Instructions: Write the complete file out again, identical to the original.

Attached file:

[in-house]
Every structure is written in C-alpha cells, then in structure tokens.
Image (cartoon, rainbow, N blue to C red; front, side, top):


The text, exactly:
[in-house]
Every structure is written in C-alpha cells, then in structure tokens.
Image (cartoon, rainbow, N blue to C red; front, side, top):